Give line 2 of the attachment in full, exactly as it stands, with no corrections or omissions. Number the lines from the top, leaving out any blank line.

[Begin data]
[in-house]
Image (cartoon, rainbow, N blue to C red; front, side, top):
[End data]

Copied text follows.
Image (cartoon, rainbow, N blue to C red; front, side, top):